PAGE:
Sister, Death Penalty Opponents At Funeral For Executed Man
September 27, 2002 at 6:59 PM EST - Updated July 12 at 4:27 AM
CHILLICOTHE, Ohio (AP) - A man executed for raping and killing an 11-year-old girl was buried in a 10-minute service in a downpour Friday at a prison cemetery.
Robert Buell, 62, was the first of the five men executed since 1999, when Ohio resumed using the death penalty, whose relatives did not claim his body.
He was executed by injection Wednesday for killing Krista Harrison, who was abducted in 1982 from a park across the street from her home in Marshallville in northeast Ohio.
His sister, Carole Bye of Cincinnati, attended the service with her son. She said later that the family could not afford a funeral. She believes Buell was innocent.
A work detail of inmates carried Buell's casket to the grave site, which starts a new row in Boot Hill, the state prisons cemetery near Chillicothe Correctional Institution. Buell's headstone had not yet arrived.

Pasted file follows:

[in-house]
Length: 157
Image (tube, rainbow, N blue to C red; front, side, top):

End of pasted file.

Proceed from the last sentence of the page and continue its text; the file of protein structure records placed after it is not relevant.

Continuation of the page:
Other small marble markers bear prisoners' names -- not inmate numbers -- and dates of birth and death.
The Ohio Department of Rehabilitation and Corrections said it would spend about $500 on the burial, including a $200 prison-made casket and $50 suit.
The rain stopped briefly while prison officials waited for Bye, but a downpour started when she arrived. She cried as she looked into Buell's open casket, which was then closed.
The ceremony was conducted by Dan York, the chaplain at the Southern Ohio Correctional Facility in Lucasville, where executions are carried out, and Ernest Sanders, the Baptist pastor who was Buell's spiritual adviser.
Bye, her son and the ministers stood in a small tent covering the grave. Three death penalty protesters, the inmates and prisons employees stood in the rain.
Bye said she didn't see her brother for about 10 years after he was convicted of raping and torturing adult women, which he acknowledged to police. She had a hard time forgiving him, but eventually did.
She said she believed Buell's assertions that he didn't harm children.
The prison burial was not upsetting, Bye said.
"It's just his body, not his spirit," she said.
(Copyright 2002 by The Associated Press. All Rights Reserved.)